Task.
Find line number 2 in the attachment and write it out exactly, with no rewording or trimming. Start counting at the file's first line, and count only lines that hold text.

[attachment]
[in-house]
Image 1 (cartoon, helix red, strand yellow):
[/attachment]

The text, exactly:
Image 1 (cartoon, helix red, strand yellow):